JK Rowling, tax and The Casual Vacancy

"I chose to remain a domiciled taxpayer for a couple of reasons. The main one was that I wanted my children to grow up where I grew up, to have proper roots in a culture as old and magnificent as Britain’s; to be citizens, with everything that implies, of a real country, not free-floating ex-pats, living in the limbo of some tax haven and associating only with the children of similarly greedy tax exiles.

A second reason, however, was that I am indebted to the British welfare state; the very one that Mr Cameron would like to replace with charity handouts. When my life hit rock bottom, that safety net, threadbare though it had become under John Major’s Government, was there to break the fall. I cannot help feeling, therefore, that it would have been contemptible to scarper for the West Indies at the first sniff of a seven-figure royalty cheque. This, if you like, is my notion of patriotism. On the available evidence, I suspect that it is Lord Ashcroft’s idea of being a mug."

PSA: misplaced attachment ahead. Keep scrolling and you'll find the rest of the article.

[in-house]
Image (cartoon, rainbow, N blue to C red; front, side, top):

- J.K Rowling (from The Times via Tumblr)

I like Rowling, it took me a while to get into Harry Potter (as in jump on the bandwagon and read it) but I was hooked once I started; they reminded me so much of stories I'd grown up reading (yes, I know she takes parts of other books and that's why but Shakespeare did the same folks) but twisted into something new. I like her personal story too, especially as she is seemingly one of the few rich people in the UK that doesn't keep their money in Monaco etc.

What's this all got to do with The Casual Vacancy you ask? The book took me a while to get into, it's a pretty negative and unfortunately fairly accurate picture of small town British life complete with prejudices, judgements, pressures and system failures. I hope that lot's of people will read it and will start to think more about their wider community and where their money goes.






GIF set via